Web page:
Schumer treading a rocky path
Posted July 9, 2018 7:30 a.m. EDT
WASHINGTON _ Senate Minority Leader Charles E. Schumer is ready, willing and able to take a scorched-earth approach on the Supreme Court vacancy _ up to a point.
As leader of Senate Democrats for the past year and a half, the 67-year-old Brooklynite already is well-versed in the art of agent provocateur. But his role as opponent-in-chief in the upcoming Senate confirmation battle promises to put him in the spotlight _ or crucible _ as never before.
In a Senate divided 51-49 in the Republicans' favor, Schumer's ability to twist arms is limited. And even if it were not, heavy-handed tactics are not his style.
At a tele-town-hall with Brooklyn voters last week, Schumer confronted a demand that he punish red state Democrats in tight races this November who vote for Trump's expected conservative nominee.
"We don't operate that way," he answered.
A battle is already being waged over who will replace retiring Justice Anthony Kennedy, 81, who was appointed by President Ronald Reagan in 1988.
Schumer's unwillingness to push fellow Senate Democrats like Joe Manchin of West Virginia, Joe Donnelly of Indiana and Heidi Heitkamp of North Dakota is as much a reflection of his sense of collegiality as it is a tactical calculation.
Manchin, Donnelly and Heitkamp were the only Democrats to cross the aisle last year and vote with Republicans to confirm Trump's first Supreme Court pick, Justice Neil Gorsuch. They are among the 10 Democratic senators struggling to win re-election this year in states won by Trump in 2016.
"It's beyond his power," said political scientist James Sieja of St. Lawrence University, referring to Schumer's capacity to corral Democratic votes.
"Red state Democrats could vote for (Trump's) nominee and still lose in November," Sieja said. "If they vote against the nominee, they will lose."
The left wing of the Democratic coalition is howling for Schumer to take the gloves off, suggesting the entirety of his 37-year legacy on Capitol Hill is at stake.
"We need Minority Leader Schumer whipping as hard as he can and as long as he can to keep his caucus in line," said Indivisible Project, a left-leaning advocacy group, in outlining its two-step strategy to defeat Trump's nominee.
Kennedy, who announced his retirement last month, was a swing vote on many of the crucial issues during his 30 years as a Supreme Court justice. Notably, Kennedy sided with the court's liberal wing in defending Roe v. Wade, the 1973 landmark ruling that legalized abortion nationwide.
If Trump has his way, the replacement for Kennedy will be a potential fifth vote to overturn Roe v. Wade. For this reason, Democrats of all shades _ and many centrist Republicans _ characterize the looming confirmation battle as an epic struggle to prevent challenges to legalized abortion, the overturning of which would likely launch the nation into upheaval.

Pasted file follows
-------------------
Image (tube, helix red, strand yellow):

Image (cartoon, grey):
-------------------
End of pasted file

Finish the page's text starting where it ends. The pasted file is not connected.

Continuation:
Schumer is choosing his words carefully, emphasizing that Democrats in the Senate cannot defeat the Trump nominee by themselves.
The best way to defend Roe v. Wade, as well as the 2012 ruling that shielded Obamacare, "is for a bipartisan majority in the Senate to lock arms and reject a Supreme Court nominee who would overturn them," Schumer wrote in an op-ed in The New York Times last week. "It will not happen on its own. It requires the public's focus on these issues, and its pressure on the Senate."
Holding off a Trump nominee will require not only all 49 Democratic votes _ actually 47 plus two independents _ but at least two Republicans as well. Those would most likely be Sens. Susan Collins of Maine and Lisa Murkowski of Alaska, both of whom are pro-choice and concerned over possible overturning of Roe v. Wade. But both voted with their party last year for Gorsuch.
So far, Schumer has been careful to tread lightly with fellow Democrats. Manchin, for one, said Schumer has yet to take off the gloves. "He knows I'm going to do what I got to do for West Virginia," Manchin told The Hill, which circulates on Capitol Hill.
It was Majority Leader Mitch McConnell of Kentucky who sidetracked then-President Barack Obama's selection of federal appeals court Judge Merrick Garland to replace conservative Justice Antonin Scalia, who died in February 2016.
McConnell insisted the nomination be delayed until after the U.S. electorate picked the next president in 2016 _ a fateful piece of strategy that succeeded in swinging the court from left to right after Trump's victory.
Schumer and other Democrats argue that obstruction of the upcoming nominee amounts to payback for McConnell's tactics in turning the Garland seat into the Gorsuch seat. But that sense of outrage alone may not be enough to blunt Republican momentum.
Sen. Chris Murphy, D-Conn., a liberal already committed to resisting Trump's nominee at all costs, said red state Democrats "understand this is a different vote than the one to replace Scalia. But I can't predict much more than that."